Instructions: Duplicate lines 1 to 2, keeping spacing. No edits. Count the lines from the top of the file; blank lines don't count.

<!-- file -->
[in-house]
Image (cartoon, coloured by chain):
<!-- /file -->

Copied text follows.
[in-house]
Image (cartoon, coloured by chain):